Billy Hollis Speaks! Unlocking the Invisible Cage

Billy Hollis as John Keating

Day one of TechEd was a bit light for the developers in the crowd. One of the stalwarts of TechEd speaking is Billy Hollis and he’s here in 2012 with two sessions. I went to his first #Creating User Experiences: Unlocking the Invisible Cage#. Billy was an inspiration to me last year at TechEd 2011 and convinced me to get off my chair and start thinking about design myself, instead of waiting for someone else to do it. In fact, the sketchnotes I post to this blog can be traced to what I learned in last year’s session. Needless to say, he made an impact.

The “Invisible Cage” refers to animals who are kept in cages all their lives and the curious result when you remove their cage – they continue to stalk the perimeter of where the cage was. Developers no longer have many of the constraints that once ruled our lives (from a design perspective) and yet we continue to fill our software with all the same rectangles that used to bind us. Plus, I’m always a fan of someone who runs Halo and uses it as an example of good interaction design.

A big takeaway is when he said that we (developers) are not our users. Developers, much like airline pilots, can handle a higher cognitive load and thus can deal with more crammed into small spaces. You can easily overload your users by such pixel cramming and should avoid it; if anything to keep our users’ blood pressure down.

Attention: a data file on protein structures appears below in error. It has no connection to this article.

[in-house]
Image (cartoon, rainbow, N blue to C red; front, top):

Cons

One thing I don’t like about Billy’s talks is that he doesn’t use PowerPoint, but not for the reason you think. I don’t like PowerPoint either, but at a place like TechEd, when you need to decide among many sessions, having the slides posted online helps you decide. Since Billy doesn’t use PowerPoint, his slides are never online. Thus, I’m unable to decide whether I should see his talk. In this case, much of what he presented duplicated last year’s content. Had I known, I probably would have skipped (even while recommending it to anyone who hadn’t seen it yet). PowerPoint is the baseline that all Billy’s users (TechEd attendees) expect, and by not using that same common ground, a bit of a panic sets in not knowing what decision to make.

Also, Billy shows off an app written a few years ago called Staff Lynx. I understand that he’s using it to display design principles, but it seems dated. I’ve seen it a couple of years now and what I’d really like to see is what he would suggest a Windows 8 Metro app look like using the design principles. For example, he used a modal dialog box with a background fade to show shifting of base context. In Metro, if I were to see a modal dialog box, I might freak out.